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Finally got my hands on Lumberjanes because I’m nothing if not a slave to your recommendations.

I get the love: the art is fresh, the girl-power theme is amazing, it’s laugh-out-loud funny at times. It’s all that so it deserved a bit more… depth. It felt really short mostly because its 24 pages are action-oriented and don’t leave much room for character development or exploration of their world.

In stories about a group of people I immediately find a favorite. In Lumberjanes I had some difficulty making that call – there’s just not much that distinguishes them (apart from Ripley being The Crazy One). In the end I went with Jo because she had books and pictures of stars and planets in her bunk:

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To be fair, it’s only the first in the series and there’s a hint of background stories to come, like Molly’s fear of her family being informed about their adventures. But I can’t help but compare it to another very short, very popular, first-in-the-series, action-packed, kick-ass girl gang comic that takes the time to tells us (and make us care) about individual characters: Rat Queens.

The world-building in Lumberjanes also left me a bit confused: Magic? Fairy tales? Greek mythology? All? Two weeks after reading it I’m left with a vague sense of The Goonies meets Chamber of Secrets with a bit of Percy Jackson.

All this to say that I really had fun and will definitely pick up the next one in the series. I just wish it went a bit deeper with the story and its people, even if it’s “just” a first volume.

I’m ready for the rotten tomatoes to fly now… *ducks*

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Book 2 of the Aya series (thoughts on the first one here) about four families in Yopougon, a neighborhood of Abidjan, Ivory’s Coast’s capital. It’s set in the 70s, when the country’s was going through an economic boom and it continues to be refreshing to see a side of modern Africa that’s not filled with war and AIDS. If you know of any other comics like these let me know.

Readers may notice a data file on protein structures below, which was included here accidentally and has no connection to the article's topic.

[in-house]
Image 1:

Like Book 1, it’s not an action-packed story. I’m actually approaching it as a really smart and funny twist on a soap-opera: Adjoua’s new life as a young single mother, Bintou’s fashionable new love-interest from Paris (or is he?), the mystery around the girl with the wig, dramatic cliffhanger ending. Book 3 is called “The Secrets Come Out” and like another episode of an addictive soap-opera I’m really really want to know them!

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If I had one less positive point to make is that, although Aya is the name on the cover, she was rather passive, basically just a shoulder for her friends to cry and lean on. She has the potential to be such an interesting character – a steady young women who wants to be a doctor – that I’d like to know her a bit more.

This book also included a “Ivorian Bonus”, including a recipe for Chicken Kedjenou, a guide on how to wrap a baby on your back and a great short “essay” on how a popular Ivorian proverb is put into practice everyday.

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Other thoughts: Page 247, largehearted boy, My Favourite Books (yours?)

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image (2)Read for the A More Diverse Universe Challenge
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This was a such a fun and vibrant reading, exactly my cup of tea.

The author Marguerite Abouet spent her childhood in Ivory Coast in the 70s before moving to Paris, and Aya is based on her memories of those happy days. It was a time when Ivory Coast was going through a peaceful economic boom and this book is meant to portray an Africa that’s not about war, disease or poverty. I does exactly that, but I just couldn’t completely escape the knowledge that it won’t last.

But anywhoo. I loved Aya. It’s one of the best comics of the year so far and I can wait to read the second one. There’s nothing mind-blowing about the story, it’s just a snapshot of the lives of a group of middle-class teenagers: they study, date, are acutely aware of social norms, follow the fads and rebel against strict parents. And yet, Yopougon in the 70s is a fascinating place to read about, full of colour, hope and energy. It’s at the same time familiar (heavily influence by their former French colonizers) and completely foreign.